Traveling to Nashville from the San Francisco Bay Area for the summer gear extravaganza can be a bit of a slog — stop-overs, late flights, connections, etc. -- but I never expected to get a "severe weather alert" text, as soon as I stepped off the plane in Music City, warning me that flash floods were possible. Odd. I understood as soon as my taxi left the airport's covered lot because a barrage of merciless rain slammed against the SUV. Even the 3.5 seconds it took me to open the taxi door and dash under the hotel's front canopy left me soaked. Twenty minutes later, all was dry. Strange weather this year.
NEW CONVENTION CENTER
The new Nashville Music City Center is mammoth. NAMM itself appears to take up just a sliver of the building. The bottom lounge looks like something you'd see in 2001: A Space Odyssey, with its '60s retro-futurama couches and hip chairs. But GP Senior Editor Art Thompson and I soon discovered that looks aren't everything. The wireless bandwidth in the joint was atrocious — a 15-second Instagram video took almost 45 minutes to "not" upload, and by the time I discovered the situation, my cell phone battery was half drained. Photo uploads failed, as well. Not good when you've promised GP readers instant photos from the show floor. Happily, we both devised some workarounds, and the photos were set free from our cameras. Whew.
An aerial view of the Music City Center.
TOUR OF THE NEW EPIPHONE OFFICES
Epiphone is set to unveil its new Nashville offices with a party and tours on Saturday, but I got a sneak peak on Thursday afternoon, and I took these photos to share:
Epiphone's Jim Rosenberg with a prototype of the modern replica of the company's late-1930s Century amp.
An original Century amp.
Vintage Epis atop the cabinets in the conference room.
The Wall of Epiphones in the performance/meeting space.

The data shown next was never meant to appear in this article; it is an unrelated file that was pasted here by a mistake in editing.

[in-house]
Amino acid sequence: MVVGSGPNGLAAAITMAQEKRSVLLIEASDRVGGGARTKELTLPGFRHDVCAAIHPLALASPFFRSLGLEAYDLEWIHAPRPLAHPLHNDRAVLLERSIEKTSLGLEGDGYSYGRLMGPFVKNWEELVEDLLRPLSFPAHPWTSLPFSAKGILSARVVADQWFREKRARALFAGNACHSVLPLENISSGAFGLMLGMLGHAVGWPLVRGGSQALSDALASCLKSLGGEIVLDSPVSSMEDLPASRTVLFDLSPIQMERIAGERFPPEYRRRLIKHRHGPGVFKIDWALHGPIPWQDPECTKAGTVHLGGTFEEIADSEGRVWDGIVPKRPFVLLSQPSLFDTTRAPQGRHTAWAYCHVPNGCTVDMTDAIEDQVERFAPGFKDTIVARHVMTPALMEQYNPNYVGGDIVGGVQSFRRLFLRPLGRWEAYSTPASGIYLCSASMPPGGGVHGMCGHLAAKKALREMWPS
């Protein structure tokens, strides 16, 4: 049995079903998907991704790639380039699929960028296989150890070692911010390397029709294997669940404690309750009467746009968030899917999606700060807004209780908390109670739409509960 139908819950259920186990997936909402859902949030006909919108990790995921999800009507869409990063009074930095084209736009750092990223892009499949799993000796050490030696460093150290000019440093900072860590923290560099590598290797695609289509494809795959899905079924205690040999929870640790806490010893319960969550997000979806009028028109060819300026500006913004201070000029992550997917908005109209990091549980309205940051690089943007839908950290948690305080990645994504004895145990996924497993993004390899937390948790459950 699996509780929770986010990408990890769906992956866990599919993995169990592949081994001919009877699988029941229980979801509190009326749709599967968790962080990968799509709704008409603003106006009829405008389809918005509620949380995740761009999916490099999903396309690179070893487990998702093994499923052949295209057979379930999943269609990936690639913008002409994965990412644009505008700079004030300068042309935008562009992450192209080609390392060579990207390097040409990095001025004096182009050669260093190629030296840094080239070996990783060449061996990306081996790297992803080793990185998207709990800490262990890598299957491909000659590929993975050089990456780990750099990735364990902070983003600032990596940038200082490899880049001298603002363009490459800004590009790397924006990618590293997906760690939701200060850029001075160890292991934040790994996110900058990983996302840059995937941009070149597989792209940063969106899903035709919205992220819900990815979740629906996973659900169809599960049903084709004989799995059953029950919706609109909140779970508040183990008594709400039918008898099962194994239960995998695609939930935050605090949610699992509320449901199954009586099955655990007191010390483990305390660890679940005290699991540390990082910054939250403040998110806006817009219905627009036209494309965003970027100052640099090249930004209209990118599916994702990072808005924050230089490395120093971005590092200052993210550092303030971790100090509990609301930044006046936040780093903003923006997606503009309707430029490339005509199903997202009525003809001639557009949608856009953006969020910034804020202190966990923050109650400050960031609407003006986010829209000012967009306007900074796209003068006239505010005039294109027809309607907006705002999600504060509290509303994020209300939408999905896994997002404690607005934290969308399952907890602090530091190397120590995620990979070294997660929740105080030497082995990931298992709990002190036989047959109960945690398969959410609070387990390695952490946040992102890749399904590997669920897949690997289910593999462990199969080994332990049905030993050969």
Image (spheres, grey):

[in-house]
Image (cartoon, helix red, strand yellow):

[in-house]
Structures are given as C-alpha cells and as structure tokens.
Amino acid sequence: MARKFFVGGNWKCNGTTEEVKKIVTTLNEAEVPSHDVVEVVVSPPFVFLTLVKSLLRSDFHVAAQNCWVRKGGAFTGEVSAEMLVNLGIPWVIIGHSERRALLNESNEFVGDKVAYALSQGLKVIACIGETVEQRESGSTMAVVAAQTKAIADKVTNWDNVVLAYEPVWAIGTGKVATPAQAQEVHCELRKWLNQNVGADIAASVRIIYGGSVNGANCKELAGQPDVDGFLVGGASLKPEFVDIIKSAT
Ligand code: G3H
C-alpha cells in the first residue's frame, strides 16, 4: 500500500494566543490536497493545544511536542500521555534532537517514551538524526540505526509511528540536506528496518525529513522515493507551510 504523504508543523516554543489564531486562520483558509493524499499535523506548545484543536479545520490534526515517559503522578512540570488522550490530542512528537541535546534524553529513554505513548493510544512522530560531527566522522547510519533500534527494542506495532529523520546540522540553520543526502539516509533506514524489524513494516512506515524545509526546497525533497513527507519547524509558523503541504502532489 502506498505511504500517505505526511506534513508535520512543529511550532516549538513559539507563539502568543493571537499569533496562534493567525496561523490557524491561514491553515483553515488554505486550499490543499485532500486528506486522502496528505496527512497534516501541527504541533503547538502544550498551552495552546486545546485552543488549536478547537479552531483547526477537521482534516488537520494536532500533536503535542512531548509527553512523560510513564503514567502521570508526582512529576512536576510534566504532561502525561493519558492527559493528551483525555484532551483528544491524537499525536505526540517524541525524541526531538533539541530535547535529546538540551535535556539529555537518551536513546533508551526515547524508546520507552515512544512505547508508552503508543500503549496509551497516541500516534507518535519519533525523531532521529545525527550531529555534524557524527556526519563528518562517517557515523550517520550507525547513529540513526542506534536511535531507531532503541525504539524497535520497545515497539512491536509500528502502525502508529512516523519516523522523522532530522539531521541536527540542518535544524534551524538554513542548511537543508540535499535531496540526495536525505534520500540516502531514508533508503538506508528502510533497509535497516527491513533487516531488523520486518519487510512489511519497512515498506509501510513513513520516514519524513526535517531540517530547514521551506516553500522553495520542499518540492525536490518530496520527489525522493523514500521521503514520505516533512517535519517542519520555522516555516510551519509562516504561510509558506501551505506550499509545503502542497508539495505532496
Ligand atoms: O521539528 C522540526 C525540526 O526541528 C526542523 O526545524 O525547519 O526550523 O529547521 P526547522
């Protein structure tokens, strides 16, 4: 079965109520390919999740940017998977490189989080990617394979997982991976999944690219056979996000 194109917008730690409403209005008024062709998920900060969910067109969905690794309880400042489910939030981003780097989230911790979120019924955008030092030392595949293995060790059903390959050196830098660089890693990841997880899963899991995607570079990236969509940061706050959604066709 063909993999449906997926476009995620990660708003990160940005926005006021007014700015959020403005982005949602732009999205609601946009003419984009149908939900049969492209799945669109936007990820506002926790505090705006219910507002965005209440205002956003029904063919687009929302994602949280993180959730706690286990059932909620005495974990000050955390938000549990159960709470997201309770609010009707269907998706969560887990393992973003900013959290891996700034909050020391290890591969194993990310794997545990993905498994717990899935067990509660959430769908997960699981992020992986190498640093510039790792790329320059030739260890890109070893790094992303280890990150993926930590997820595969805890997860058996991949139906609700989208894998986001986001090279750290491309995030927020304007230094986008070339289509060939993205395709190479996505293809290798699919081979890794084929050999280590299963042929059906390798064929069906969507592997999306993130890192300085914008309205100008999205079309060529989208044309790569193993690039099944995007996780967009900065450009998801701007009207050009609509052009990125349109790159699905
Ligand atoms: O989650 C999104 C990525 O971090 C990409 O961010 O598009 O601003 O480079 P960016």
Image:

The sparkling new warehouse facility. Clean!
Beatles on the wall!
Paul Revere and the Raiders — a fave band of my youth. Drake Levin plays a Crestwood Deluxe; bassist Fang rocks an Embassy Deluxe.
Epiphone history in the entrance way
THE HUNT FOR FUZZ
As usual, I started my trek for cool fuzz pedals on Thursday — although meetings and the trip to Epiphone necessitated a slow start. Here are three of the little buzz demons I found before the show closed at 6 pm:
Skreddy Hybrid Fuzz Driver
GP contributor Michael Ross told me about this pedal, as he was very impressed with it — as well as the fact the demo guitarist was tweaking the knobs with his bare toes. By the time I get to the booth, there was no one in sight, and the pedal was missing two knobs. Hmmm. Definitely going to head back here on Friday.
El Rey Fuzz De La Muerte
This ghoulishly beautiful pedal delivers a soaring, thick, and buzz-o-rific fuzz attitude. A Gate control adds some retro spittle to note decays. I fell in love with this dead thing after just a few seconds of messing around with it. Stay tuned for a full review in a future issue of GP.
Rotosound recently revived the company's '60s prototype fuzz, which was never actually produced for sale, but nonetheless found themselves under foot of players such as Jimmy Page. While its retro-cool shape isn't exactly "modern pedalboard friendly," the Fuzz delivers a simultaneously chunky and fizzy caterwaul of vintage sonic madness that's well worth the board real estate.
UPCOMING IN MY DAY TWO REPORT
A faux "Beatles" concert on a rooftop in downtown Nashville, the fuzz quest continues, weird products, and cool guitars. See ya tomorrow.
— Michael Molenda